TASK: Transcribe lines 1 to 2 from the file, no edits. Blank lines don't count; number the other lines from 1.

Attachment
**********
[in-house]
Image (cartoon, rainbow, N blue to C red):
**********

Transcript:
[in-house]
Image (cartoon, rainbow, N blue to C red):